"You cheated," the dragon said, not un-fondly.
"Whazzat? You'll have to speak up!"
How long had they been playing? Since the old man's hair was ginger and his back unbent. Sometimes the dragon won. Sometimes the old man won. Most of the time the old man cheated.
It was the last day of summer. The dragon was savoring the light, the quality of it, filtering through the trees as the sun went down. Soon enough the world would grow colder and the dragon would burrow back to his cavern and the old man would hole up in his hut and wait out the cold and the dark. It occured to the dragon that the old man might not see the end of this winter. It was the way of humans. They came and went, mayfly-like. Until he befriended the then-boy, all those years ago, the dragon never paid them any mind. Now he was dreading coming to miss one of them.
The stake in the game was the skull of the poet Rathanar, greatest of his age. The old man had a different tale each time as to how he acquired it. They each wound through manuvers made familiar by decades of accumulated time. Ticks, tricks, inside and out. The dragon did not expect he would find another partner after the old man passed on. Not even one of his own kind.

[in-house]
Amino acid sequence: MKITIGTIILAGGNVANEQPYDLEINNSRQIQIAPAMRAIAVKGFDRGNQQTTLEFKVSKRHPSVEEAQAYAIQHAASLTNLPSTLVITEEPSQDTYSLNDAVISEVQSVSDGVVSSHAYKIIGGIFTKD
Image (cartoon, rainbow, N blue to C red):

The old man's Reanimated Spurling leapt, but too late, as the dragon countered with Song of Falling Leaves, and it clattered into an off-square. Forfeit.
"Drat!" The old man spat. And then, after a moment, "Another game?"
"Certainly," the dragon said. There were still a few hours of daylight left.